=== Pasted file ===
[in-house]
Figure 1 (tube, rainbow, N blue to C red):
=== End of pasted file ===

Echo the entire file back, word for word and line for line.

[in-house]
Figure 1 (tube, rainbow, N blue to C red):